When starting on a Predictive Analytics engagement, a data mining modeler may need help getting pointed in the right direction: “Here, find me something good.” This may be the case even after countless hours of interviewing subject matter experts and DBAs1. This is because ideally we would like to find things hidden in a mountain of data that people don’t already know. In such cases, the SME can only provide guidance, much like how Sacagawea provided guidance to Lewis and Clark.
At this stage of the game, these are the things to keep in mind:
- The purpose of predictive analytics is to help us make better decisions towards some goal.
- Goals are the purpose for the existence of a business or any sort of process or system, from making coffee to winning a war.
- A decision is an action we intend to take. When we actually execute on that decision, a series of events happen which impact the system.
- The impact consists of good and bad consequences – each of which are an event. A good decision has minimal bad consequences or at least doesn’t profoundly break something.
- Every event is the result of a set of conditions (each of which is an event itself).
- The idea behind Predictive Analytics is that we automatically identify sets of conditions that lead to events of interest.
Item #6 means, there are rules for everything that happens in the world. Water will freeze when the air pressure is one atmosphere and the temperature hits 32 F. I will go to work when it’s a workday, I’m physically capable of making the journey, and of course, if I have a job. I will lose weight when my intake of calories is less than my expenditure.
All of those examples in the previous paragraph are obvious to us, but Predictive Analytics is used to discover rules not obvious to us and then apply them to our decision-making process. However, since Predictive Analytics is not Artificial Intelligence, the effort still requires some human guidance. We need to ensure the effort does provide value towards the goals and that the necessary data is available and in a format consumable by the data mining algorithms.
Faced with the mountain of data, I take a step back and ask a generic question: What events happen together? A fundamental concept of common sense is “what fires together wires together”. I look at everything as an event. Purchasing lots of potato chips is an event. Purchasing lots of beer is an event. Having your blood pressure checked is an event. Being diagnosed with hypertension is an event. Being prescribed Capotin is an event. Failing to fill the prescription is an event. Then the person dying at age 45 is an event. One could even say that the human in question is an event of all his parts existing in that configuration.
All of those events happen to be somewhat related. Meaning, a bad diet, hypertension, and an early death often go hand in hand. In other words, a bad diet and hypertension is a good predictor for early death. But each of those factors probably exist in separate database tables. For example, my purchases are in some sales database, my doctor visits in another, and a record of my visits to the pharmacy in yet another. How can I find relationships such as this from across a sort of arbitrary set of tables?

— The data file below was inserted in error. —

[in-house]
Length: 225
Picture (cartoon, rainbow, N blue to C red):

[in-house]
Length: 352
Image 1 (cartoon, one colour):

One way is to combine a set of columns from across a set of tables into a table of object/value pairs and running that table through the Predixion Software’s Associate function or the Analysis Services Association algorithm. The association algorithm is most popularly used for a widely known technique called the “Market Basket Analysis” which discovers products commonly purchased together.
The difference here is that this classic use case utilizes a “purchases” (or sales) table which is conveniently already just a single table and easily plugged into the Association algorithm. But if I wanted to correlate purchases to a deeper level, I may want to include data only available in other tables such as the type of day of the purchase (holiday, weekend, weekday). With that information, I could then see things such as beer and vodka has a stronger correlation on holidays than beer and pizza on weekdays (just making this up).
In that case, I’d need to add the type of day to my object/value table, which is probably in another table (a Dates table). Now, I would need to do some data preparation (data prep). Fortunately, the data prep isn’t difficult, requiring only relatively simple SQL that UNIONs attributes from various tables:
The idea is to create one “bag o’ attributes” of all sorts; a narrow table of cases and the an “open set” of the cases’ associated characteristics. UNION whatever attributes you think may provide insight. This stage is about exploring for relationships. Predictive Analytics is about relationships and the strength of the relationships.
Most of the relationships will probably be obvious to the subject matter experts. But there should be relationships that will make the SMEs say, “I thought that may be the case” (confirming a suspicion with empirical evidence) or even “I didn’t know that” (learning something new). Discovery of new relationships could form the basis for entirely new strategies or at least push on with a current strategy with confidence that it is the right path.
For the data mining modeler, the relationships point to areas worth exploring to a deeper level. This entails the procurement of more data and most likely more data prep. But at least there are clues as to where to focus valuable time and effort.
For another example of how I use the Association algorithm, please see my old blog, Picking Stocks with the Association Algorithm.
1 Note that in the Predictive Analytics world, “DBA” is now an overloaded term. It can mean “DataBase Administrator” or “Doctorate of Business Administration”.